“You Can’t Always Win At Everything”: Tangerine Fan of the Game Nick Regis Brings Real Life to Community Coaching

By: Katie Heindl
by Katie Heindl

One of the elements of the game Nick Regis tries to enforce with his young players at the Elmbank Community Centre in Rexdale is that losing is as much a part of basketball as anything else. That balanced mentality Regis utilizes in his coaching and community programming could take a backseat for one night, though, as he stood courtside during the Raptors and Timberwolves warmups. As the winner of Tangerine’s Fan of the Game, a contest that celebrates Raptors fans who make a difference in their communities, Regis could, in this case, focus on his win. When the lights in Scotiabank Arena dimmed and the crowd hushed for the pre-game anthems, Regis stood at the baseline in a new Raptors warmup pullover to guard against any goosebumps that sprung up from being so directly in the moment.  

“I’ve only ever been to 200 level, I’ve never actually been near the court like that.” Regis said over the phone the next day, the experience of the game the night before fresh in his mind, “Being able to stand on the court during the national anthem, that was really cool. The [warmup] sweater was a nice touch, because I’ve always wanted one of those sweaters.”

When I asked if he planned to store the sweater away for safekeeping, Regis was jokingly incredulous, “I’m gonna wear it!”

This easy-going, friendly cadence makes Regis perfectly suited to the wide range of community work he does with kids on a day-to-day basis. In his job with the City of Toronto, he plans programs for youth and children. When asked how he got started with the City, he laughs, “Honestly, randomly.”

“I volunteered at a boys and girls club. I used to play basketball there and one of the coaches I played for, they did a tournament for little kids, and they asked me to volunteer. [The coach] spoke to me after and said I should consider trying to do it as a job or career.”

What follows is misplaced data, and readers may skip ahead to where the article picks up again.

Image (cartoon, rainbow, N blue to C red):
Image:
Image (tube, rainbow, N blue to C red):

While he did start out with the City as a convener for an intramural league, his days now are less basketball-specific. Ranging from hoops to soccer, as well as being inclusive of a wider roster of social programs for kids, Regis plans a multitude of curriculum focused on keeping youth challenged and engaged. It was through his volunteer work at Elmbank that Regis was approached by another coach he worked alongside who asked Regis if he’d consider becoming involved more formally. Now, while Regis gets to flex his coaching muscles on the daily, he also oversees a larger, administrative portion of Elmbank.

“Half of my day is mainly doing attendances, and program planning for our boys club,” Regis says, also noting that he oversees any nighttime programming in the building, “and then the rest of my day is managing the Homecourt Hoops program that we’re doing with MLSE.”

Homecourt Hoops is an initiative between the City of Toronto and the Toronto Raptors that brings basketball and the skill-building surrounding it to communities facing barriers, at no cost. The non-competitive program engages over 2,000 youth ages 6-12, across 26 community centres in the GTA. There are also three girls-only locations. Kids learn the basics of the game from trained coaches, while gaining life skills they can take with them off court.